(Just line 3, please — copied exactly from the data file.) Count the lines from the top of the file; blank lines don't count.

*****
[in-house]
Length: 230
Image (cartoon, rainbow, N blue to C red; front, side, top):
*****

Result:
Image (cartoon, rainbow, N blue to C red; front, side, top):